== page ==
‘Highland dance or Highland dancing is a style of competitive solo dancing developed in the Scottish Highlands in the nineteenth and twentieth centuries in the context of competitions at public events such as the Highland games, where it is often performed to the accompaniment of Highland bagpipe music.’
Some of the best hours of my life have been sent Scottish Dancing and long may it continue.
From dressing up and having a good supper and then sweating the night away; you enter the world of Scottish Dancing and by the grand young age of 45, I imagine you know most of the world.
And how the world is small.
When my parents introduced me to this incredible world, I hated it. They knew everyone, the other children didn’t want to be there anymore than I did and to be honest, holding hands with a boy was the worst thing that could happen. Or even talking to boys – when would that ever be fun?
Annoyingly, as proving my parents right, as time has gone on, I have fallen more and more in love with reeling. The culture, the people, the music, the ability to do whatever you feel, the structure to it and most of all the tours of the country!!
Holidays to Skye to dance till 6am and to Oban are just some of the summer benefits of the whole experience!
Since being at the Royal Ag University (né College), I have started up the Caledonian Society with a friend, Theo. It runs every Thursday evening and becoming more and more popular.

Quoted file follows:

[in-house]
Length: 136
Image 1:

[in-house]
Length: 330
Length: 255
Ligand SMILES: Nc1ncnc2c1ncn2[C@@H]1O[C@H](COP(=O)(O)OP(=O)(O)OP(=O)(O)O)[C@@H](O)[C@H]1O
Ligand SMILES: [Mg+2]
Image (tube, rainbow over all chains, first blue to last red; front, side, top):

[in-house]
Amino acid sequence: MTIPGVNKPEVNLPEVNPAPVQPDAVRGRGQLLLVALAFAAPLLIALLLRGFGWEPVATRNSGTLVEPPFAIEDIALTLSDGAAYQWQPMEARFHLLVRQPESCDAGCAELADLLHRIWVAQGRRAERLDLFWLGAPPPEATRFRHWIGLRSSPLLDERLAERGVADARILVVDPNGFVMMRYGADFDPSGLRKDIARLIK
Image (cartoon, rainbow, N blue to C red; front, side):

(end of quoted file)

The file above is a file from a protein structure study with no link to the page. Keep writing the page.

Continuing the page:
Maybe it was something to do with the ‘fantastic’, ‘best ball of the year’, we had last year. 80 people came and we made a seriously impressive profit. Only increasing my passion for events and party management.
The title of this post is in reference to the dance names: Hamilton House, Dashing White Sargent, Duke and Duchess of Edinburgh, Duke of Perth, Reel of the 51st Division (Traditional and Aberdonion), Eightsome, Foursome (cheeky!), Inverness Country Dance and Mairi’s Wedding, to mention the popular ones.
If you ever get the chance to try it – my one request is that you give it a go. You may hate it, you may love it, but if you don’t try it you won’t know. And my gosh, its a good laugh!
The aspect of it that I love is that everyone ends up coming out of their shell and being themselves as it becomes the only way you can survive. Each person is their true self and the enthusiasm plus adrenaline increases their personalities; it is fantastic.
My take home message is… Do it. Go Scottish Reeling. It is one of my favourite things to do and one of the best ways to socialise!